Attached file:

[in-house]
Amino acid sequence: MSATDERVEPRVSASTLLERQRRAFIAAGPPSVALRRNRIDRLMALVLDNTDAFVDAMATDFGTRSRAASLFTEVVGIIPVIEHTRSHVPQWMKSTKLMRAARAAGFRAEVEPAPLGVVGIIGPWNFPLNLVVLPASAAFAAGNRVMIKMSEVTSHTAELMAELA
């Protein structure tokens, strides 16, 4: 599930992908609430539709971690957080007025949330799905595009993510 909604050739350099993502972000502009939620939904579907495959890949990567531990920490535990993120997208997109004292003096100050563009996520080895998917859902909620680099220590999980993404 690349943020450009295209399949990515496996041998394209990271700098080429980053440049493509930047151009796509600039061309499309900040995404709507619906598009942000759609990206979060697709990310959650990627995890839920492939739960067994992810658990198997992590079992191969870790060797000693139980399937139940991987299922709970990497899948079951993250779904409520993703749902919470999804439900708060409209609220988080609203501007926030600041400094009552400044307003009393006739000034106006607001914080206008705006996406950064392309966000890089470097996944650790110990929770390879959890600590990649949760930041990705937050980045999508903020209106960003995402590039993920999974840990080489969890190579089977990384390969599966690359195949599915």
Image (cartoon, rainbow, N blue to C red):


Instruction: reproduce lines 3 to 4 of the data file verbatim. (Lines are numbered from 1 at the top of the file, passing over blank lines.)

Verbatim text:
């Protein structure tokens, strides 16, 4: 599930992908609430539709971690957080007025949330799905595009993510 909604050739350099993502972000502009939620939904579907495959890949990567531990920490535990993120997208997109004292003096100050563009996520080895998917859902909620680099220590999980993404 690349943020450009295209399949990515496996041998394209990271700098080429980053440049493509930047151009796509600039061309499309900040995404709507619906598009942000759609990206979060697709990310959650990627995890839920492939739960067994992810658990198997992590079992191969870790060797000693139980399937139940991987299922709970990497899948079951993250779904409520993703749902919470999804439900708060409209609220988080609203501007926030600041400094009552400044307003009393006739000034106006607001914080206008705006996406950064392309966000890089470097996944650790110990929770390879959890600590990649949760930041990705937050980045999508903020209106960003995402590039993920999974840990080489969890190579089977990384390969599966690359195949599915």
Image (cartoon, rainbow, N blue to C red):